Broadly speaking, profitable businesses are less risky than unprofitable ones. However, sometimes companies receive a one-off boost (or reduction) to their profit, and it's not always clear whether statutory profits are a good guide, going forward. In this article, we'll look at how useful this year's statutory profit is, when analysing Elders (ASX:ELD).
It's good to see that over the last twelve months Elders made a profit of AU$122.9m on revenue of AU$2.09b. In the chart below, you can see that its profit and revenue have both grown over the last three years.
Importantly, statutory profits are not always the best tool for understanding a company's true earnings power, so it's well worth examining profits in a little more detail. Therefore, we think it makes sense to note and understand the impact that a tax benefit has had on Elders' statutory profit in the last twelve months. That might leave you wondering what analysts are forecasting in terms of future profitability. Luckily, you can click here to see an interactive graph depicting future profitability, based on their estimates.
An Unusual Tax Situation
We can see that Elders received a tax benefit of AU$21m. This is meaningful because companies usually pay tax rather than receive tax benefits. Of course, prima facie it's great to receive a tax benefit. However, the devil in the detail is that these kind of benefits only impact in the year they are booked, and are often one-off in nature. In the likely event the tax benefit is not repeated, we'd expect to see its statutory profit levels drop, at least in the absence of strong growth.
Our Take On Elders' Profit Performance
Elders reported that it received a tax benefit, rather than paid tax, in its last report. Given that sort of benefit is not recurring, a focus on the statutory profit might make the company seem better than it really is. Therefore, it seems possible to us that Elders' true underlying earnings power is actually less than its statutory profit. The good news is that, its earnings per share increased by 27% in the last year. The goal of this article has been to assess how well we can rely on the statutory earnings to reflect the company's potential, but there is plenty more to consider. So while earnings quality is important, it's equally important to consider the risks facing Elders at this point in time. While conducting our analysis, we found that Elders has 2 warning signs and it would be unwise to ignore them.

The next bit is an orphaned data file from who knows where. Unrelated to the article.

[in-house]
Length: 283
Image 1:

Today we've zoomed in on a single data point to better understand the nature of Elders' profit. But there is always more to discover if you are capable of focussing your mind on minutiae. For example, many people consider a high return on equity as an indication of favorable business economics, while others like to 'follow the money' and search out stocks that insiders are buying. While it might take a little research on your behalf, you may find this free collection of companies boasting high return on equity, or this list of stocks that insiders are buying to be useful.
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This article by Simply Wall St is general in nature. It does not constitute a recommendation to buy or sell any stock, and does not take account of your objectives, or your financial situation. We aim to bring you long-term focused analysis driven by fundamental data. Note that our analysis may not factor in the latest price-sensitive company announcements or qualitative material. Simply Wall St has no position in any stocks mentioned.
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